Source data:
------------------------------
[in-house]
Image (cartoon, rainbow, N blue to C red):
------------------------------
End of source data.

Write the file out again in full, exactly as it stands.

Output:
[in-house]
Image (cartoon, rainbow, N blue to C red):